On August 9th, 2021, UN Secretary-General António Guterres released a statement addressing the recently issued UN IPCC Climate Report. Referred to by Guterres as a “Code Red For Humanity”, the report embodies his worries for the ever-increasing temperatures that the world is currently witnessing as well as his requests and commands to all nations to combat what he says is soon to be an irreversible disaster.
Recently, cities all around the world have hit record-high temperatures and the amount of climate-related disasters such as forest fires and floods have increased as well. As Guterres and the IPCC stressed, the issue will only worsen with time, as degrees are rising exponentially. Guterres also mentioned that the 1.5°C goal of the Paris Agreement is “perilously close”— the world has already crossed 1.2°C. Additionally, he discussed the number of people and communities that are currently depending on their nations to take action, especially those that are the most vulnerable and in need of change. He then announced his current orders for governments to start taking action. “This report must sound a death knell for coal and fossil fuels, before they destroy our planet,” he declared, signifying his powerful stance on this issue. Included in his statement were the following new measures: new coal plants shall not be built after 2021, all nations should put an end to fossil-fuel exploration by 2030 (or, for non-OECD members, 2040), and renewable energy should triple by 2030 (or 2040) as well as other initiatives. Guterres went on to explain the severity of the situation; he called out the moral and economic responsibilities that every country holds conjointly. Finally, he ended the announcement by requesting both private and public sectors to work together and align themselves with the Paris Agreement, hopefully in time for COP26.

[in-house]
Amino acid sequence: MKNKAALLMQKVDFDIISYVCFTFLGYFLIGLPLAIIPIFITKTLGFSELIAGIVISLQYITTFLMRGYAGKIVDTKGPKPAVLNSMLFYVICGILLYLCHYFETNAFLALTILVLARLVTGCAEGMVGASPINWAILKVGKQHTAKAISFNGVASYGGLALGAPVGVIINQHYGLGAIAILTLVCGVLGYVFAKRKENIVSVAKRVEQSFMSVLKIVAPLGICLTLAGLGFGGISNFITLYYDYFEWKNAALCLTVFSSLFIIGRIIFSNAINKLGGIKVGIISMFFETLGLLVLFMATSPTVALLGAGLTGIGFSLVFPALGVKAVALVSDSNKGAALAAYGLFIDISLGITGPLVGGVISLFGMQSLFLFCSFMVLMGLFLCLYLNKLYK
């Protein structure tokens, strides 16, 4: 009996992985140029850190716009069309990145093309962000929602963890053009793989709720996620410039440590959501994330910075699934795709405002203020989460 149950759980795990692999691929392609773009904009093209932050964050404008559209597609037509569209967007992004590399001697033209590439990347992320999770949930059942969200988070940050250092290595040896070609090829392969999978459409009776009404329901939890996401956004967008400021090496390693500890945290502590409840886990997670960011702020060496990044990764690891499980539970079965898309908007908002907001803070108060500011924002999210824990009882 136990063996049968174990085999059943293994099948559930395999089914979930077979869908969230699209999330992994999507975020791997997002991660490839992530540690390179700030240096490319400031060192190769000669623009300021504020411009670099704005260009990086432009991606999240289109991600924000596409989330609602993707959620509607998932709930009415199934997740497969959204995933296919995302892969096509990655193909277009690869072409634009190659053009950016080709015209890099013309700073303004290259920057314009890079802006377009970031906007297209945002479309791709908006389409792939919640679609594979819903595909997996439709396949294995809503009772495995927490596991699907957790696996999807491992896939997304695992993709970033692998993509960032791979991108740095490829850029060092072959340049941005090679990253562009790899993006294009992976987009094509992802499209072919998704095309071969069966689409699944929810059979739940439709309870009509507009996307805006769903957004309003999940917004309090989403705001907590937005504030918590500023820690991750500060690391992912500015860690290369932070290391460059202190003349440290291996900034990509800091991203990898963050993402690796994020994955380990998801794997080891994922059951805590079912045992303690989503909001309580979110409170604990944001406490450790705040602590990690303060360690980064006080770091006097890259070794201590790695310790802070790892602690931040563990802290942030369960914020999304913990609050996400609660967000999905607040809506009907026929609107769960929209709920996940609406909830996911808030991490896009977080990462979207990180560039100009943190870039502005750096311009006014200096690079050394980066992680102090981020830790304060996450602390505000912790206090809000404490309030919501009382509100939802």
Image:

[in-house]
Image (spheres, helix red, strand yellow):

Even though the original IPCC report covered many topics, it can be condensed down to a few key points. Firstly, it is made clear by the exposition that whether or not the 1.5°C goal is met, extreme weather occurrences will continue to remain a permanent recurrence in the world. This means that even serious measures put into place today would not be able to stop forest fires and extreme heat waves from making frequent comebacks. Secondly, the report tells us that it would take drastic measures in order to prevent temperatures from exceeding 2°C over pre-industrial temperatures‒ let alone the prevention of a 1.5°C increase. This is alarming, as it seems as though the UN may not be able to reach its goal of staying behind the 2°C threshold. Finally, the report highlights the conclusion that humans are ultimately at fault for climate disaster. Even though the world has been full of discourse concerning humans’ affect on climate, it is now an undeniable fact that mankind has been the largest propeller of this issue.
As of now, the climate situation will continue to unfairly impact certain communities. These include poorer areas and places that might not have access to as many resources as other areas, especially those that can help combat extreme climates. A study done by 300 U.S. government experts showed that lower-income communities will be affected by these new temperatures a lot more than other communities for several reasons such as an already greater number of environmental hazards and a lack of inclusion of residents from government officials.
Meanwhile, British politician and democratic-socialist Jeremy Corbyn says that the “...Climate Crisis Is a Class Issue”. In an article he wrote about the situation, Corbyn describes what he sees as several governments’ failure to properly react on time to this crisis and how they contributed to our current situation. In one portion, Jeremy writes, “With military budgets ballooning across the world, powerful countries are preparing for conflict, not cooperation, to deal with the climate emergency. Such false solutions will increase all our suffering; but as ever, will favor the wealthy few while punishing the many — whether people flooded out of their homes in England or people fleeing drought in North Africa.” As it was pointed out in the excerpt, nations have been purposefully avoiding the current crisis and instead spending money on other parts of their government such as the military. The situation we are in is not a coincidence; major political and economic figures have predicted this day for decades, but have ignored it thus far.
As Secretary-General Guterres says: even though there might be hope for a less-impacted future, action must be taken now to prevent further permanent damage to our globe. Several communities all over the world are already facing the consequences of their negligence— any longer, and they might start facing major losses, whether it be financial or health-related. It is already too late to reverse many long term effects of climate change; if the world wastes more time, the consequences will be hefty.